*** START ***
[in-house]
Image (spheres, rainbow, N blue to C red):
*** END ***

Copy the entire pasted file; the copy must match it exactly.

[in-house]
Image (spheres, rainbow, N blue to C red):